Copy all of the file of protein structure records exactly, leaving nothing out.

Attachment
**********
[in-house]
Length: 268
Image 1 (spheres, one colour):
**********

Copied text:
[in-house]
Length: 268
Image 1 (spheres, one colour):